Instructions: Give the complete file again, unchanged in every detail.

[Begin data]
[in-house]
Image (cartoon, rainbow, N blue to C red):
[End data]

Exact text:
[in-house]
Image (cartoon, rainbow, N blue to C red):